US kidnaps prime minister it imposed on Haitian people, as Western hemisphere’s poorest country descends into chaos

On Tuesday, the US government effectively kidnapped Haitian Prime Minister Ariel Henry, a right-wing figure whom it had hitherto staunchly supported, a Miami Herald report has revealed.

Against the will of the vast majority of Haiti’s impoverished people, Washington—backed by Canada and France, the other imperialist powers long involved in Haiti—placed Henry in power following the July 2021 assassination of the country’s president, Jovenel Moïse. The US-led “Core Group” of nations has continued to support Henry ever since, although he has no popular or legal-constitutional legitimacy and has refused to hold parliamentary or presidential elections despite the mandates of all elected officials having long expired.

Haitian Prime Minister Ariel Henry with US Secretary of State Antony Blinken [Photo: Haitian government]

Now, however, under conditions where the country is overrun by criminal gangs, most of which have close ties to rival factions of Haiti’s ruling elite, the Biden administration has apparently concluded Henry is a liability who should be flushed from office. To accomplish this, as the Herald article documents, US imperialism is resorting to its traditional thuggery and criminality.  

This is all playing out as Washington and Ottawa scramble to put together a foreign paramilitary force to be deployed to Haiti with US and Canadian logistical support to bloodily restore bourgeois “law and order” on the Caribbean island-nation.

Both the US and Canada have a long history of neo-colonial occupation and military intervention in Haiti, including as recently as 2004 when they deployed troops to oust its elected president Jean-Bertrand Aristide. But under conditions where they are waging war against Russia in Ukraine, supporting Israel’s genocide in Gaza and actively preparing for war with China, and where there is visceral opposition among the Haitian masses to an intervention led by either of North America’s twin imperialist powers, they are anxious to contract out the job.

Last week Henry traveled to Kenya, whose avidly pro-imperialist government has volunteered to lead a Multinational Security Support (MSS) mission to Haiti and staff it with more than a thousand Kenyan national police.

In Henry’s absence, the gangs launched a coordinated offensive, whose purpose it soon became clear was to derail the planned MSS deployment and oust the prime minister. Over the weekend, the gangs stormed two Port-au-Prince prisons, freeing several thousand prisoners, and attacked Haitian National Guard facilities. On Monday, they encircled the capital’s two airports forcing them to suspend operations.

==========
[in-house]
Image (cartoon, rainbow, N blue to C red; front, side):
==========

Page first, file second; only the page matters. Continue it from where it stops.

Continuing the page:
On Tuesday, Henry attempted to return to Haiti via the Dominican Republic, only to find his plans thwarted by his Washington patrons. Even if the Miami Herald exclusive published on Wednesday does not put it in so many words, its account makes clear that the Haitian prime minister was effectively kidnapped so that US officials and those of allied governments could browbeat him into accepting new marching orders.

According to the Herald, Henry, who had spent the previous two days in the United States and had informed Washington and the UN of when and how he intended to return to Haiti, was suddenly informed by Dominican officials as his plane approached Santo Domingo that he would not be allowed to land.

This soon proved to be only an opening gambit. Once his small 13-seat jet changed course for the US territory of Puerto Rico, Henry received a second midair message, this one from the US State Department, asking “him to agree to a new transitional government—and resign.” When Henry’s plane landed in San Juan, Puerto Rico’s capital, it was “immediately met by US Secret Service agents” and for hours the Haitian prime minister was refused permission to deplane.

During this time, Washington, working with various CARICOM (Caribbean Community) leaders, was sounding out Haitian opposition and business leaders on putting together some type of new interim government to provide a fig-leaf of “popular support” for another imperialist-backed military/security intervention in Haiti.

According to the Herald, “The US proposal would have Henry usher in a new government structure in which a new prime minister and presidential board will lead a transition to elections and prepare for the Kenya-led mission. He would agree to step down once the new structure has been established, and a new prime minister is appointed or the security mission has deployed—whichever comes first.”

On Tuesday evening, US officials, acting in classic imperial potentate fashion, were making clear that Henry’s days were over. The Herald cited an unnamed US National Security Council official as saying the administration was “not providing any assistance to help the prime minister return to Haiti.”

“Our support,” the official continued, “is focused on helping the [Haiti National Police] restore security, expediting the deployment of the MSS mission, and accelerating a peaceful transition of power via free and fair elections. Our dialogue with Prime Minister Henry has been focused on these efforts and the need for security and a peaceful political transition.”

On Wednesday afternoon, US State Department spokesman Matthew Miller clumsily tried to cover up the abundant evidence that Washington is once again carrying out regime change in Haiti, shuffling in figurehead presidents and prime ministers as needed. Miller told a press conference, the Biden administration is “not calling on him [Henry] or pushing for him to resign.”

Criminal gangs and social devastation

What will happen next is unclear, to say the least.

As of Wednesday afternoon, Henry’s whereabouts were unknown or at least not being reported.

One of the most prominent gang leaders, Jimmy Chezier, or “Barbecue,” has declared, “If Ariel Henry doesn’t resign, if the international community continues to support him, we’ll be heading straight for a civil war that will lead to genocide.

“Either Haiti becomes a paradise or a hell for all of us. It’s out of the question for a small group of rich people living in big hotels to decide the fate of people living in working-class neighborhoods.”